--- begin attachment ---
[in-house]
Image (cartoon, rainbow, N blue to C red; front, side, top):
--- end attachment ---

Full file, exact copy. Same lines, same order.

[in-house]
Image (cartoon, rainbow, N blue to C red; front, side, top):